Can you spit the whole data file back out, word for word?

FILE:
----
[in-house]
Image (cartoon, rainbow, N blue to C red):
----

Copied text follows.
[in-house]
Image (cartoon, rainbow, N blue to C red):